2012-08-10 16:16:02+0000
  • Make:
  • Norton
  • Model:
  • Commando 750
  • Year:
  • 1969

A British bike made by Norton-Villiers, the Norton Commando 750 was in production from 1968-1973. It has a air cooled, twin cylinder 745cc engine and a top speed of 117 mph (188km/h)

The Norton Commando was introduced in 1967 at the Earls Court Show. The first production machine completed in April 1968 had frame problems, removed with the introduction of a new frame in January 1969. The original model, called the 'Fastback' was joined by the scrambler style 'S Type'.

Production of the machine was complex and located across different parts of England, with the engines produced in Wolverhampton, frames in Manchester, while final assembly was at Burrage Grove in Plumstead which closed in July 1969 the assembly line then moved to North Way, Andover.

A production racer, featuring an OHV tuned engine, front disk brakes and painted bright yellow was known as the 'Yellow Peril'. In March 1970 the updated S called the 'Roadster' had the 750cc OHV engine and in September 1970 saw the introduction of the classic 'Fastback Mk2', which added alloy levers with modified stands and chain guards. Several more versions were introduced, the 'Street Scrambler', the 'Hi Rider' in May 1971, with the 'Fastback Long Range' in July 1971 with increased tank capacity.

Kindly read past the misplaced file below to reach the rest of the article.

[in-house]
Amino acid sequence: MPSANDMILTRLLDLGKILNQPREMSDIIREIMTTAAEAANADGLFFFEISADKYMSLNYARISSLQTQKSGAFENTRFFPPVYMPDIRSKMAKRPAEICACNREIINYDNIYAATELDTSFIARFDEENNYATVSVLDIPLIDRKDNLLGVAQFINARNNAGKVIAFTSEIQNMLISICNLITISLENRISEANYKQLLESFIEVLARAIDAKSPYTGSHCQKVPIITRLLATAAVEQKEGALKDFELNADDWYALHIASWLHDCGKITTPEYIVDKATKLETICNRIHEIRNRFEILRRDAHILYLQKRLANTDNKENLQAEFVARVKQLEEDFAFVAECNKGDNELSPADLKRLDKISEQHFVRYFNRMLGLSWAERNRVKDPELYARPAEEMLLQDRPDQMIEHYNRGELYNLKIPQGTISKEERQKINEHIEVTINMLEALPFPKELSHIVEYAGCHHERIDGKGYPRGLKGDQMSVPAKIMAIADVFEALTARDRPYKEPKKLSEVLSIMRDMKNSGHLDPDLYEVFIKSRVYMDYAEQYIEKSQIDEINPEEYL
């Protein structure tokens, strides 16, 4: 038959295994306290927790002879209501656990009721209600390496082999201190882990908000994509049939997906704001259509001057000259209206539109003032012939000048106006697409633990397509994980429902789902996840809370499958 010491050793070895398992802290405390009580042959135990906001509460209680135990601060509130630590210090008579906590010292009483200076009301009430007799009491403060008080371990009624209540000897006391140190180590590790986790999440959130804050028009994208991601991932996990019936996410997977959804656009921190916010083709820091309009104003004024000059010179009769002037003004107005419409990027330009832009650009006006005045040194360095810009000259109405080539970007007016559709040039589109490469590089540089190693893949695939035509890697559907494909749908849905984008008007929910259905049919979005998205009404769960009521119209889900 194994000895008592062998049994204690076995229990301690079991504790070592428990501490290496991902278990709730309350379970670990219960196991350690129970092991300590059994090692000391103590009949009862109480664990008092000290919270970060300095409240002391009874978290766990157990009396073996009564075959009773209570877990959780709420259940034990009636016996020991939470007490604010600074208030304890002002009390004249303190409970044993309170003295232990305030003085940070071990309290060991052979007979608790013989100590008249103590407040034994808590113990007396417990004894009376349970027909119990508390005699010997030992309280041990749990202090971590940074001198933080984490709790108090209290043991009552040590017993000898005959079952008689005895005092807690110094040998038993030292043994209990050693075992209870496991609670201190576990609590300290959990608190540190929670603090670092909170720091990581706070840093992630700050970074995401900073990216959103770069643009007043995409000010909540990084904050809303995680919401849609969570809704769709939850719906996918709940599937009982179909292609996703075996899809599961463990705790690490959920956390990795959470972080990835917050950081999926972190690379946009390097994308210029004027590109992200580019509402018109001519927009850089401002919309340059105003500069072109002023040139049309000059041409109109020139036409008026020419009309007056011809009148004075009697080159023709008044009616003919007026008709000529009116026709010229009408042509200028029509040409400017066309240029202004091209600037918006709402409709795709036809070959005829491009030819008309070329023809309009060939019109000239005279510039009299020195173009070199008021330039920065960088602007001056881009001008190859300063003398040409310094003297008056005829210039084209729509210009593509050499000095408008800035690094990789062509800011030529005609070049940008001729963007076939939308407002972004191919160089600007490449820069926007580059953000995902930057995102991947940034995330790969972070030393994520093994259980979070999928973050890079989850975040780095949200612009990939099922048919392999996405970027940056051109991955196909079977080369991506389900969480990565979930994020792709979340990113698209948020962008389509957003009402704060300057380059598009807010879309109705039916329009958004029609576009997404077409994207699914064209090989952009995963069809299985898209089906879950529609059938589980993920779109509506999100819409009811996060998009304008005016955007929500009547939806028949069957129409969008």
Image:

The 'Combat' engine was introduced in January 1972 saw the appearance of the 'Mk4 Fastback', updated 'Roadster' and the '750 Interstate'. The 'Combat' delivered 65 brake horsepower at 6500 rpm with a 10:1 compression ratio, but the stressed engine proved extremely unreliable, with main bearing failures and broken pistons common. The 'Combat' engine combined with quality control contributed to the company's bad reputation and ultimate downfall.

By the mid 1972, Triumph Motorcycle group was in serious financial trouble. The UK Government bailed the company out with a financial rescue package, providing it would agree to merge with Norton Villiers. Norton Villiers Triumph was formed and the new company got off to a shaky start, they were eventually liquidated in 1978, with Triumph the only company remaining.

The last of the Commando 750 series, the MkV was produced from November 1972 to mid-1973. During Commando's years in production, it was popular all over the world. In the United Kingdom it even won Motor Cycle News "Machine of the Year" award for five successive years from 1968-1972. Even though Norton is no more, the motorcycles it produced in the 60s and 70s are still highly sought after today.

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